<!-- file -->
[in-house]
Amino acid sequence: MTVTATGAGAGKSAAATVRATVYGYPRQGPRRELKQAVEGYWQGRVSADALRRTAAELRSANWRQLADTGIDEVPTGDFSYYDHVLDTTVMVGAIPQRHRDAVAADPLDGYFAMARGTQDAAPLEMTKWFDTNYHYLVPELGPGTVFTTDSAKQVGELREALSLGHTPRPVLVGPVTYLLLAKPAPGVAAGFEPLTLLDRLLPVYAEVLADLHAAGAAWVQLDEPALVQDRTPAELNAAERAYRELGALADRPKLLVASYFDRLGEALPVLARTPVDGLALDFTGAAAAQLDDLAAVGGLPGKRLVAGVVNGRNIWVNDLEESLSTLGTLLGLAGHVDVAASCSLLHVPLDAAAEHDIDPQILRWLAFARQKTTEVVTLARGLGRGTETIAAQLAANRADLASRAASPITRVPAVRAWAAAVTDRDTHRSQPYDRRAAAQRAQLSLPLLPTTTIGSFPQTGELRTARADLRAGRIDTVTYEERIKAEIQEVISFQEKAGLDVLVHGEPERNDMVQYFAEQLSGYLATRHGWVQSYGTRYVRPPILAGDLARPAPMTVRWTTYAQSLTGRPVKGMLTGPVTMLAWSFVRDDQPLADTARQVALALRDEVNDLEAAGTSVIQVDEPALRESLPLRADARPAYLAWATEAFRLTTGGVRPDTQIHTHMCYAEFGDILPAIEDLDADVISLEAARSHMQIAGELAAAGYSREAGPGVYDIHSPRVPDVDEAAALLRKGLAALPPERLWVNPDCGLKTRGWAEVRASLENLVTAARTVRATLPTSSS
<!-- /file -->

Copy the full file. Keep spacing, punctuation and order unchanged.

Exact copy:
[in-house]
Amino acid sequence: MTVTATGAGAGKSAAATVRATVYGYPRQGPRRELKQAVEGYWQGRVSADALRRTAAELRSANWRQLADTGIDEVPTGDFSYYDHVLDTTVMVGAIPQRHRDAVAADPLDGYFAMARGTQDAAPLEMTKWFDTNYHYLVPELGPGTVFTTDSAKQVGELREALSLGHTPRPVLVGPVTYLLLAKPAPGVAAGFEPLTLLDRLLPVYAEVLADLHAAGAAWVQLDEPALVQDRTPAELNAAERAYRELGALADRPKLLVASYFDRLGEALPVLARTPVDGLALDFTGAAAAQLDDLAAVGGLPGKRLVAGVVNGRNIWVNDLEESLSTLGTLLGLAGHVDVAASCSLLHVPLDAAAEHDIDPQILRWLAFARQKTTEVVTLARGLGRGTETIAAQLAANRADLASRAASPITRVPAVRAWAAAVTDRDTHRSQPYDRRAAAQRAQLSLPLLPTTTIGSFPQTGELRTARADLRAGRIDTVTYEERIKAEIQEVISFQEKAGLDVLVHGEPERNDMVQYFAEQLSGYLATRHGWVQSYGTRYVRPPILAGDLARPAPMTVRWTTYAQSLTGRPVKGMLTGPVTMLAWSFVRDDQPLADTARQVALALRDEVNDLEAAGTSVIQVDEPALRESLPLRADARPAYLAWATEAFRLTTGGVRPDTQIHTHMCYAEFGDILPAIEDLDADVISLEAARSHMQIAGELAAAGYSREAGPGVYDIHSPRVPDVDEAAALLRKGLAALPPERLWVNPDCGLKTRGWAEVRASLENLVTAARTVRATLPTSSS